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Article:Russian food self-sufficiency programme is succeeding

20 August 2020

Domestic food production now accounts for more than 80% of retail sales, up from 60% in 2014.

In 2018, the Russian Government announced a USD51 billion plan to boost domestic agricultural production, setting the ambitious goal of increasing food exports by 70% (to USD45 billion) by 2024

The weak rouble and relatively stagnant consumer purchasing power generally discourage imports, says a new USDA report, adding: "However, Russia's food processing industry is modernising to better serve domestic consumers and a growing number of strategic trading partners."

While imports of consumer products have fallen by more than one-third since 2013, Russia remains a net importer, and continues to rely on foreign supplies of fresh and dried fruit, nuts, vegetables, beef, dairy, wine, spirits, food ingredients, and processed foods, including condiments, snacks and juices. Since 2014, imports have shifted from European to Asian, Middle Eastern and Latin American suppliers.

Retail

Russia is Europe's third largest consumer market by turnover, behind only Germany and France. Its domestic food processing industry and developing food retail sector contributed significantly to the economy over the last five years. According to the Russian State Statistic Service (RosStat), in 2019, the production of food products grew by 4.9% and food drinks by 3.1% compared with 2018. Retail trade turnover in the Russian Federation in 2019 increased by 1.6% in comparable prices to RUB33.5 billion (USD465.7 bln).

In 2019, the turnover of Russian food retail industry grew by 1.4% to RUB16.1 bln and the share of the top 10 fast-moving consumer goods (FMCG) chains in the retail food market increased to 32.9%.

The acceleration of market consolidation is associated both with the continued high growth rates of the major retail chains and M&A activity. Because of slim profit margins, the USDA says that most industry observers predict continued consolidation in the retail sector.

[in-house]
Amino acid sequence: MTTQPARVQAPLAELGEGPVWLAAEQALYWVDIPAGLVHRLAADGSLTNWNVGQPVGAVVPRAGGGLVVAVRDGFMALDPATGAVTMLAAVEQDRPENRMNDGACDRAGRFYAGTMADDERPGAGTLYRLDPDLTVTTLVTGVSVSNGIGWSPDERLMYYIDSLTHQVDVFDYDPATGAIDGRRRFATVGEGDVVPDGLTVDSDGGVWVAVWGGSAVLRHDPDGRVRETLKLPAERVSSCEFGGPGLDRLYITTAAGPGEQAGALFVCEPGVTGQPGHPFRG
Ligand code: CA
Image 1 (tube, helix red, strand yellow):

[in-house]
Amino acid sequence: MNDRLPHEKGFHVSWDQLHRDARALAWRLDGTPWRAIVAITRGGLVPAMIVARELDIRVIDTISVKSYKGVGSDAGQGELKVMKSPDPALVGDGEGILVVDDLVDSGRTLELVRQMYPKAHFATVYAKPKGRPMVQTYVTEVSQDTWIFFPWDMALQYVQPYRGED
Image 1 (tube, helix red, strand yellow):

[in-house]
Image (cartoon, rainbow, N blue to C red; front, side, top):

In 2018, consumer behaviour changed from saving to 'lean' consumption. In 2019, consumers maintained this pattern amid a record level of promotional activity from the largest FMCG chains and an accelerated transition of retailers and suppliers to an omnichannel business model, which provided customers with a seamless experience whether they are shopping online from a mobile device, laptop or a bricks-and-mortar store.

Convenience is becoming one of the key priorities for consumers, which has stimulated the development of e-commerce and negatively affected sales in large-format shopping facilities.

In the retail food market, the discounter format is increasing. To attract consumers, retail chains are introducing large-scale promotions even though this results in lower margins and profits.

"This increasingly tough competition will probably lead to regional and interregional players going out of business," says the USDA.

Consumer Trends

Russian consumers continue to economise, buy rationally with minimal impulse purchases, and also look for healthy, natural, innovative and fashionable products at affordable prices. According to a GfK survey, last year, 46% of Russians said they were looking for a way to save money and use special offers for this purpose, 54% of Russians say they are looking for stores with low prices.

Russian consumers appreciate convenience so ready-made food is gaining popularity and becoming an alternative to traditional home cooking. According to GfK, half of all consumers visit bakery and pastry shops, a quarter go to fast-food restaurants or cafes and one-fifth order food for delivery at least once a month.

In Moscow, St. Petersburg other major cities, demand for ready-made meals is growing. In 2018, ready-to-eat meals, such as frozen, pre-cooked lasagna or soups, grew in Moscow by 18%, and in St. Petersburg by 12%.

Health concerns

Another significant trend is increasing interest in a healthy lifestyle. Russians are increasingly worried about their own health. According to Nielsen, more than 84% stated that they recently changed their eating habits, such as: 53% reduced fat intake, 65% reduced sugar, and 67% increased the share of natural and healthy foods in their diet.

More often, Russian consumers are carefully calculating calories, more attentively looking over the ingredients, and purchasing products with less artificial ingredients, less fat and less sugar. A wide selection of healthy food has become an important factor when choosing a store. Almost all federal retail chains have a section for healthy products.

Russians are becoming increasingly interested in farm products and organic/ecological foods. In 2019, sales of such products in the Russian market exceeded RUB900 bln, according to Euromonitor.

Russian consumers are increasingly buying food and drinks via the internet, especially in big cities and major regional centres. According to Euromonitor, food and drink internet retailing grew 20% in 2018, to RUB46.4 bln and is forecast to reach RUB115 bln in 2023.

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